SEARCH BLOG: OBAMA and ENERGY.
From the Democratic National Convention:
In April, the Environmental Protection Agency (EPA) required drillers to capture emissions of certain air pollutants (volatile organic compounds and methane) from new wells. Drillers can burn the pollutants at the wellhead until the start of 2015, when EPA expects that enough equipment will be available to capture the pollution.[ii] The original proposed rule issued by EPA in 2011... was estimated to reduce oil production from hydraulically fractured wells by up to 37 percent and reduce federal royalties by $8.5 billion and state severance taxes by up to $2.3 billion due to reduced drilling and production.[iii]
While other countries are using hydraulic fracturing to increase production and revenues, the United States – which pioneered the technological breakthroughs that led to the practice — is looking to lower oil and gas production and increase costs by increasing regulations on the technology. To date, hydraulic fracturing has helped to reduce our dependence on imported oil and natural gas, lower natural gas and electric utility bills, and increase employment in states where shale oil and natural gas are produced. It looks like hydraulic fracturing should be a win-win relationship for domestic production and consumption of oil and natural gas, but the Obama Administration has proposed changes that threaten that through increased regulations, despite the fact that the states have successfully regulated that industry for half a century or more. _IERHmmm. Well, that's just part of Obama's energy policy, right? How about all of those new battery jobs? Via The Mental Recession:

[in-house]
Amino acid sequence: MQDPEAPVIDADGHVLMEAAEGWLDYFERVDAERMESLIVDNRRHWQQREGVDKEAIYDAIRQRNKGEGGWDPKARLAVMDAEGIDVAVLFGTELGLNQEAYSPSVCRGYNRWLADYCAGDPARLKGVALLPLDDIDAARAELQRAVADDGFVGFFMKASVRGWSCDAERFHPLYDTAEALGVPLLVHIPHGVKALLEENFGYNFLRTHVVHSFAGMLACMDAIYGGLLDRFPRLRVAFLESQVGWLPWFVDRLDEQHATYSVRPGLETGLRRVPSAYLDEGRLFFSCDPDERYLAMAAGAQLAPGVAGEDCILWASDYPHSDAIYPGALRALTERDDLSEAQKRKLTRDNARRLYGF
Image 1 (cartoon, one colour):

Solar power? Let's just skip the Solyndra discussion.
Wind power? From the U.S. Energy Information Agency:
Although increasing, electricity from wind contributed to less than 3% of total generation in 2011. Wind energy is the largest source of non-hydroelectric renewable electricity in the United States, contributing 61% of the nearly 200 terawatthours of non-hydroelectric renewable generation in 2011. EIA recently released preliminary data through December 2011 on generation, fuel consumption, and other statistics for the electric power industry in the Electric Power Monthly and Electricity Monthly Update.So, while 27% increase of very little may sound like much, maybe not so much wind energy in that energy policy.
Nuclear power? Obama will just leave that part up to Iran.